Well, as I mentioned, Larry McMurtry died while I was reading this book. I read Books: A Memoir in February, and I knew I had a couple of his novels on the shelves. I came across this one while I was looking for something to read before picking up Hud, the movie version of Horseman, Pass By.
And I came here to bury McMurtry, not to praise him.
This book, which the cover calls the precursor to Texasville even though this book and its movie came before the second book in what would eventually be known as the Thalia Trilogy and its movie. Published in 1966, the book is set a decade or so earlier in a small Texas town. It’s the sort of literary novel favored by serious artists and those who love them: The novel of pissing on where you came from, your home town where everyone is pitiable. So I did not like the book at all, and that’s before nine teenaged boys ran a train on a blind heifer and the novelist assured us that all the small town boys have sex with farm animals, if not cows and horses then dogs and chickens. Whatever is available. It’s not often that I call a book depraved, but here you go.
I mean, the main character or protagonist, such as it is, is a high school kid estranged from his father and lives in a rooming house with another high school friend. The friend is dating the daughter of one of the rich families in town, a girl who wants to be a legend in town and is a climber, always plotting her next move and/or boyfriend. The book is chock full of characters–the local coach, who might be a latent homosexual; his wife,
Mrs. Robinson Ruth, who is turning forty and discovers orgasm with the protagonist; the owner of the pool hall/picture show/diner who is like a father figure to the town boys; and so on. You don’t really like any of them. Mostly, you pity them. The story, such as it is, follows a winter/spring/summer of the boys’ senior year, including football season, a trip to Mexico to score with some prostitutes, sexual escapades/adultery/sociosexual climbing and more prostitutes, it’s all pitiable and games until someone loses an eye, and then…. Well, it ends. To be taken up thirty years later in Texasville if you’re so inclined. I am not.
So this is why I like genre fiction. Because it has heroes and adventures, not normalish-but-quiet-desperation-amid-meaningless-sex vignettes.
I did flag a couple things to comment on, but I have decided not to bother except to bring up two points below the fold.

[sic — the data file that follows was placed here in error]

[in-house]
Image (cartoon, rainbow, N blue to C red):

- I mentioned a second coincidence with the book (the first being McMurtry’s death). When the social climbing girl goes to a naked swim party with the rich kids in the next town over, you can tell they’re wild kids because there’s a David Brubeck record by the record player. I laughed out loud, because at the time I had a Brubeck album on the turntable upstairs (Jazz Goes To Junior College).
- This book, too, contains the word “nigger,” spoken by a prostitute who had been burned by black men in the past. Also, Mexicans. So the word appears, even in this account set in the 1950s, to denigrate the character who is speaking it, not as a fighting word or to diminish blacks. However, even it is verboten in the 21st century because apparently people are not smart enough to take things in context.
So. Yeah, not in a real hurry to read Hud now, but I might well pick it up soon or I might not ever.
On the other hand, I finally pronounce the second R in McMurtry every time, so there’s that. Maybe that will help on a trivia night sometime if ever such a thing ever happens again.
UPDATE: Upon further review, this is the third book in the Thalia trilogy; Horseman, Pass By / Hud is the first. Even though the other books, Texasville and three other books feature the same character, The Last Picture Show is both in the Thalia trilogy and the Duane Moore books, but the other four Duane Moore books are not in the Thalia trilogy. Unless it’s a Douglas Adams-accounted trilogy, I suppose.
4 thoughts on “Book Report: The Last Picture Show by Larry McMurtry (1966, 1979)”
I wonder if he’d mellowed or maybe just grown up some by the time he wrote “Lonesome Dove.” It’s the only book of his that I’ve read — and based on this review I’m not strongly inclined to track down more — but it doesn’t seem as self-consciously arty, pretentious or depressing as what you describe. I read it after I saw the miniseries, though, so I could have been positively influenced by hearing the dialogue in Duvall’s and Jones’ voices.
I don’t wonder if Lonesome Dove isn’t the exception.
Plausible. Lot of authors out there with one really good book in them and they don’t always get to it first. Lot of them don’t stop after they get to it, either.
Also, what we consider to be a good book might differ from the academic/Literary set.
According to Wikipedia, McMurtry wasn’t happy it was popular.
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